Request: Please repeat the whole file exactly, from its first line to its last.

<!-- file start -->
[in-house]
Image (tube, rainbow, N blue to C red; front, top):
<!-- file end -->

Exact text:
[in-house]
Image (tube, rainbow, N blue to C red; front, top):